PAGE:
Astronomers have discovered what may be the first planet ever found beyond our solar system, a massive globe of apparently hot gas circling a nearby star only 21 light years from Earth.

The discovery is the fourth in the last two years showing evidence that other planets exist outside our solar system, and it is the first to pinpoint a single planet circling another star. The orbiting Infrared Astronomical Satellite has found solar systems forming around the stars Vega and Femelhaut, and a ground-based observatory has found a young solar system circling the star Beta Pictoris.

The National Science Foundation said yesterday that astronomers at the University of Arizona detected a planet approximately the size of Jupiter -- the largest of the nine planets circling our sun -- but several times heavier than it in orbit around the faint star Van Briesbroeck 8, apparently at a distance of 600 million miles. That is roughly the distance (500 million miles) at which Jupiter is in orbit around our sun.

The star, named for the Belgian-born American astronomer who discovered it in 1961, is part of the constellation Ophiuchus between Scorpio and Sagittarius. The constellation's brightest stars can be seen in the nighttime summer skies in the Northern Hemisphere.

Astronomers Donald W. McCarthy Jr. and Frank J. Low said in a report to the Astrophysical Journal that the planet apparently has a surface temperature of 2,000 degrees Fahrenheit, which makes it hotter than any planet in our solar system but still too cool to be a star.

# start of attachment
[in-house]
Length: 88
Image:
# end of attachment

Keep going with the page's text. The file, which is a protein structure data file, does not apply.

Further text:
"This is certainly not a habitable planet and the star it is going around is not very hot like our sun, so there probably isn't any life there," Dr. McCarthy said. "But it is another step in the direction that should lead to the discovery of systems of planets around other stars."

McCarthy said there is no question that the planet is circling the star and that it is not a background object such as another nearby star just behind Van Briesbroeck 8. Said McCarthy: "The body we have identified as a planet is too dim and too cool to be a star."

Low said the planet "fills a gap we had never been able to fill before. This planet clearly lies between what we see in our own solar system as Jupiter and a real star like our sun."

Low said the planet's surface temperature of 2,000 degrees suggests that the hydrogen isotope deuterium is burning on its surface, a preliminary stage in the birth of a star. To become a star, a planet must reach a much hotter condition in which hydrogen begins to burn in its interior as in a sustained thermonuclear explosion.

"There are many astronomers who believe that deuterium once burned on the surface of Jupiter as it struggled to become a star," Low said. "This planet may be going through the same struggle. . . ."

Deuterium is a rare isotope of hydrogen that is roughly twice as heavy as hydrogen and burns at far lower temperatures than hydrogen. It can be extracted from sea water and is known as heavy water when it is used to slow down the rate of chain reactions in nuclear power plants.

Low said he has little doubt that the object is a planet and not a star: "This is the first time we have clear-cut temperature and size limits on an object that places it unambiguously in the gap" between large planets and small stars.